HAUNTED HARMONY: APPRECIATING TV ON THE RADIO
By Piotr Orlov
September 21, 2018
There’s a way in which, in 2018, the notion of a “community band” is almost outdated. One could easily argue that every band has a “community,” and to see just how big it is, simply click on their social media stats. Similarly, the Internet has changed the very idea of a community, splintering its shared qualities, sacred artists included.
What makes TV On The Radio a beloved community band for the venn diagram of folks who grew of age in Brooklyn, grew up as the Afropunk community coalesced, and grew old (spiritually, mentally, physically, musically) in the 21st Century shadow of falling towers, white patriarchal rot, and maybe a small dollop of hope, is that the group exists not just on platforms and screens, but in front of an audience, is even emotionally available to them. Because one important thing that being a “community” “band” meant before people clicked on “follow” buttons, is the back and forth between those two entities.
TVOTR continues to exist despite the fact that, by pop’s standards (hell, even by old-school rock standards), they’re dinosaurs plowing through a radically evolving environment. Yet four years since their last full album (the excellent and under-appreciated Seeds), seven since losing beloved bassist Gerard Smith to a battle with lung cancer (which many in the community presumed would signal its demise), and who-knows-how-many years after the band stopped being the primary creative concern to most of its members, TV On The Radio still walks the Earth. Sometimes, it is almost as though both they (the band) and we (the community) are willing it to be so, despite the ecology, creating spaces we can share every couple of years.
This week, in a trio of shows across the country, that space celebrates the ten-year anniversary of Dear Science, an album big enough that it grew the venn diagram to include people outside the community, because its arrival in September of 2008 was elevated by its context— world economy in freefall and Amerikka on the verge of electing its first Black President. At the time, Dear Science felt epic and mournful, but the dollop of hope had grown into—I dunno—a scoop, maybe two. It even had a vaguely disco song called “Golden Age” that promised rising vibes and “miracles…comin’ round.” We got this, said the meme. Some of the hope turned out to be right on time, some offered false promise, some we continue to invoke in the new dark days of the same old rot. The album is a classic.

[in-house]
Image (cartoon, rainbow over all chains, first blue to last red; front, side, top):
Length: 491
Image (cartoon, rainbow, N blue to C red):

What communities— and certainly community bands—know, is that NOT living through all this is not an option. And so it was last night at the edge of Brooklyn and Queens, where around 3,000 people packed into a wonderful warehouse-turned-art-space, temple of gentrification called the Knockdown Center, to re-live Dear Science, and be amongst (mostly) their own. The band’s singer Tunde Adebimpe turned one of the Center’s side-rooms into a photo-gallery stroll down memory lane, with images of the band and the community in shared repose, and a crest featuring a stork and an owl that read “Faulty – All – Death” (in Latin), just to make sure that music wasn’t the only thing on everybody’s mind.
Midway through the album’s performance, the band—made bigger on the night by a five-piece horn section, back-up singers and special guests who helped make these songs (more community)—was joined by young Julian Smith, Gerard’s son. He sat down at the piano and helped play “Family Tree,” and afterwards gave Tunde a big hug as the tears flowed. Gerard would have turned 44 last night, his progeny and image were in the room, so his spirit must have been too, haunting everyone involved, yet egging them on as well. Because what great communities inherently know is that the change that comes with time is a strength, not a weakness, and should be regarded as such.
“Well, that wasn’t emotional,” said Tunde in a bid to prank the moment, while Julian walked off stage and the audience was still wiping its eyes.
“Now, here’s some emotional whiplash,” said Kyp Malone, cueing up “Red Dress.” And the community band played on.